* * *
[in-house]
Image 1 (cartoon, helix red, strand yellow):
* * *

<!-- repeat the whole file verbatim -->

[in-house]
Image 1 (cartoon, helix red, strand yellow):